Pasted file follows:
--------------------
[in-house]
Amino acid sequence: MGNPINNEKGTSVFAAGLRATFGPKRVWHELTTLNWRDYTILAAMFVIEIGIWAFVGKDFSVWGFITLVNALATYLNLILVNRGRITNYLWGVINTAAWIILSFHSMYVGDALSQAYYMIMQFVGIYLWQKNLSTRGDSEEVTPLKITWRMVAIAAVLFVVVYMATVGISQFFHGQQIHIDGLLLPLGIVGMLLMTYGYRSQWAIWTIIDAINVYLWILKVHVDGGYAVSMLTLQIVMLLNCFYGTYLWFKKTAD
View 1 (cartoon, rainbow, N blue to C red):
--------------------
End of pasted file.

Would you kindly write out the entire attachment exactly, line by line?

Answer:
[in-house]
Amino acid sequence: MGNPINNEKGTSVFAAGLRATFGPKRVWHELTTLNWRDYTILAAMFVIEIGIWAFVGKDFSVWGFITLVNALATYLNLILVNRGRITNYLWGVINTAAWIILSFHSMYVGDALSQAYYMIMQFVGIYLWQKNLSTRGDSEEVTPLKITWRMVAIAAVLFVVVYMATVGISQFFHGQQIHIDGLLLPLGIVGMLLMTYGYRSQWAIWTIIDAINVYLWILKVHVDGGYAVSMLTLQIVMLLNCFYGTYLWFKKTAD
View 1 (cartoon, rainbow, N blue to C red):